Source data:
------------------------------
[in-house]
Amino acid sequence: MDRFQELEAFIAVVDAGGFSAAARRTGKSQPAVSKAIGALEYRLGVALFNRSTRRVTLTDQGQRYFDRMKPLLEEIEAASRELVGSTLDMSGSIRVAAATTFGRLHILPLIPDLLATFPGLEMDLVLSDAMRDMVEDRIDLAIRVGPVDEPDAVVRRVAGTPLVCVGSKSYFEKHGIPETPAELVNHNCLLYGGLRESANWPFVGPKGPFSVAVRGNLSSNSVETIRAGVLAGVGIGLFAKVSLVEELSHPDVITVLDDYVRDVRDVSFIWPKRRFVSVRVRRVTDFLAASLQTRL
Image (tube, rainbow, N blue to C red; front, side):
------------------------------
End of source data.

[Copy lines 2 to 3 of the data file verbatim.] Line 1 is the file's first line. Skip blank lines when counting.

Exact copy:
Amino acid sequence: MDRFQELEAFIAVVDAGGFSAAARRTGKSQPAVSKAIGALEYRLGVALFNRSTRRVTLTDQGQRYFDRMKPLLEEIEAASRELVGSTLDMSGSIRVAAATTFGRLHILPLIPDLLATFPGLEMDLVLSDAMRDMVEDRIDLAIRVGPVDEPDAVVRRVAGTPLVCVGSKSYFEKHGIPETPAELVNHNCLLYGGLRESANWPFVGPKGPFSVAVRGNLSSNSVETIRAGVLAGVGIGLFAKVSLVEELSHPDVITVLDDYVRDVRDVSFIWPKRRFVSVRVRRVTDFLAASLQTRL
Image (tube, rainbow, N blue to C red; front, side):